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How to be Too Social

This is so us.
A client wrote for advice on social Media, to be very helpful, he listed all the social media outlets that he would create and maintain.  All of them.  The only outlet he missed was billboards.   
On his behalf, I was horrified.
But also on his behalf, I understood.  As writers and creatives we often look at any project as an all or nothing proposition.   He was firmly in the ALL column.
I don’t necessarily recommend sitting comfortably in the NOTHING column but I do suggest a middle way. 
Before you jump into promoting your book, either for the first time, or to get back in the swim after a few blessed quiet years, here are a few things to consider before diving off the cliff:
Who is your reading audience?
 If you can answer the question, who will benefit or enjoy my book, the easier it will be to promote your book to the right audience.  The irony of marketing is the more focused you are on your audience, the better the sales outcome.
For example, if you wrote a  YA or NY (new adult) book, or a Romance  – Book Tok has been a very successful promotion vehicle for many authors. 
If you wrote a non fiction book –  Linked In can be an effective outlet for promotion.
Match the social  media platform with the book theme, and match the social media with your readers.
What social media do you like?
What are you already on and do you have a following? Start there. Learning a new platform, and building an audience on that platform takes some time.  If you love watching Instagram reels   that may be a good start for your book identity and promotion.   
 Choose wisely
Choose two favorites and one new outlet to focus on for your book promotion.  Stick with those three for six months to a year. 
Building a following and an audience through social media takes time.  And that’s okay.  Your goal is to  to create conversations and maintain relationships with human readers.  
The goal of a social media campaign is to encourage interested people to pause long enough on a post to want to learn more about you and your book.  In your posts,  encourage readers to subscribe to your newsletter or visit your web site (where you will encourage them to subscribe to your newsletter).  From both the newsletter and web site you can ask them to buy your book.  Flat out sales directly through social is not as effective as we all hoped.
Build Your Own Following
We own our subscription lists.  We own our web site.  And that’s it.  Social media sites are precarious and susceptible to forces and decisions outside our control.  Platforms are also built on algorithms  that have little to do with how humans think.  Play with the social outlets but always make sure your work is secure on your website and You Tube channels.  Please, make sure your hard work benefits you directly, not only the social platform.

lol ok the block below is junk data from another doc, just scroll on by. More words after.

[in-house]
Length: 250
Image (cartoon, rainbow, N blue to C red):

Run some posts and monitor the responses, if you get 100 hits for a post, that’s enough to try again.  if you run a series of posts and get little response, change it up or try a different platform. Also experiment with and track a platform before paying to boost your posts.  
Other Outlets to help Along  Book Sales
Guest blogs.  Pitch an article to your favorite blog editors or the editors of blogs that cover the subject matter of your book.  
The article or blog or video blog, needs to be about helping the audience, not about selling your book.
This exact same pitch and idea applies to Podcasts.  Help the listener or reader and give them a reason to subscribe to your newsletter.  
Volunteer in your field, give talks or seminars on what you know and what you’ve learned in writing your book.  This can be to your writing peers, or to a group specific to the subject of your book.
And you can always buy an ad on a billboard.   



Catharine Bramkamp is a successful writing coach and author. She has published over 300 newspaper and magazine articles in publications like Modern Maturity (AARP), SF Chronicle and Santa Rosa Magazine. She was a contributor to two Chicken Soup Books and has published anthologies of her work, non-fiction works and novels. Her work has also appeared in a number of poetry and fiction anthologies. She has experimented with the self-publishing world since 2001. She has published and self-published seven books through companies like Author House, author assist companies like 3L Publishing and through traditional publishers like Write Life. Her poetry collection, Ammonia Sunrise, will be released in August 2011 by Finishing Line Press and her mystery novel, In Good Faith will be released by Write Life in 2011. Catharine holds a BA in English from UCSB and a MA in English from Sonoma State University. She is a 25 year member of California Writer’s Club. She is an adjunct professor for the University of Phoenix. She works with authors of both fiction and non-fiction to make their dream of producing a book come true. For more information on that, visit her at Catharine has lived in Sonoma County for 25 years and considers wine a food group. She is married to an adorable and very patient man who complains he’s never featured in any of her books. Her grown children who are featured in a few of her books have fled the county.

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